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Terror trilogy 'Extremes' proves to be a bumpy ride

Horror omnibuses skate along the surface of our fears, content to freak us out or give us momentary shivers, and so it is with ''Three . . . Extremes," a trilogy-of-terror compilation from some of the more gifted cinematic sickos working the Pacific Rim.

Gore fans will want to bump the two-and-a-half-star rating up a star, whereas those who can't handle on-screen violence will want to stay the hell away. For those in the middle, fasten your seat belts for a bumpy ride -- narratively and artistically -- and don't go in on a full stomach.

The first and best segment, ''Dumplings," is a 30-minute distillation of a 90-minute feature by Hong Kong director Fruit Chan, whose much-praised films have yet to make it to the US. You can't tell what's been cut, since this tale of a vain older woman (Miriam Yeung) and the special ''youth formula" she buys from a soup merchant (Bai Ling) is elegant, compact, and complete. Also intensely disturbing, once you realize what goes into those dumplings (hint: they crunch). Shot by the legendary Christopher Doyle (Wong Kar-wai's main man), ''Dumplings" starts discreetly and ends in a bloodbath, and women viewers especially may find it unforgivable. It's the only film of the three to push into genuinely taboo territory, and that's its grisly strength.

''Cut," from the Korean bad-boy director Park Chan-wook (see his ''Sympathy for Mr. Vengeance" at the Brattle this weekend if you want a second helping) is more for the boys in the back row of the grind house. The plot -- a successful young film director (Lee Byung-hun) is held hostage with his wife (Hye Jeong-kang) by a deranged movie extra (Lim Won-hee) -- bears comparison with ''Saw," but Park has a sense of humor and a gift for nasty play. Trussed to her piano with wires that make her resemble a marionette, the wife will lose a finger every five minutes unless her husband does . . . what? That's the devilish question. It all makes for bloody, shallow amusement.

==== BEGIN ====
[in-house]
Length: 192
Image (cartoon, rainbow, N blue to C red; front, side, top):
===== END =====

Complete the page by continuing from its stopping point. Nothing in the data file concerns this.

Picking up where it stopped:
If ''Cut" is too obvious, the third segment, ''Box," risks being too opaque. Directed by Japan's Takashi Miike, creator of such existential gross-outs as ''Audition" and ''Gozu," it combines dreamlike lyricism and a tactile sense of growing nightmare. Kyoko Hasegawa plays a young calligrapher who sleepwalks through life; in gracefully overlapping flashbacks we see her childhood as a circus performer with her twin sister end in an accidental crime of jealousy. ''Box" feels like a poetic, Lynch-ian response to the films of Hideo Nakata (''Ringu," ''Dark Water"), but its uneasy spell is spoiled by an absurdist oh-wow ending. Some filmmakers shouldn't be rushed, but the very format of ''Three . . . Extremes" puts Miike -- and his fellow directors -- in a box.

Ty Burr can be reached at

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